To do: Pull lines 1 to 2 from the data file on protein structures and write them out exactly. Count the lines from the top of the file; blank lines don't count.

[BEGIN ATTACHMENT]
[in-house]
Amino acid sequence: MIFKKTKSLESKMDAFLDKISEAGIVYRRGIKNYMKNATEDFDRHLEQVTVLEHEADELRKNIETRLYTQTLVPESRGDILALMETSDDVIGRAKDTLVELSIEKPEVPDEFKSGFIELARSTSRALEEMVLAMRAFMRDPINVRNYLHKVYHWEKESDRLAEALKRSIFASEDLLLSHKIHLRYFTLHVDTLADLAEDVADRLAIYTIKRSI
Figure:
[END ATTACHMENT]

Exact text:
[in-house]
Amino acid sequence: MIFKKTKSLESKMDAFLDKISEAGIVYRRGIKNYMKNATEDFDRHLEQVTVLEHEADELRKNIETRLYTQTLVPESRGDILALMETSDDVIGRAKDTLVELSIEKPEVPDEFKSGFIELARSTSRALEEMVLAMRAFMRDPINVRNYLHKVYHWEKESDRLAEALKRSIFASEDLLLSHKIHLRYFTLHVDTLADLAEDVADRLAIYTIKRSI